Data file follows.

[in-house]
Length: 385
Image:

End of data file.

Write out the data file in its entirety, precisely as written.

[in-house]
Length: 385
Image: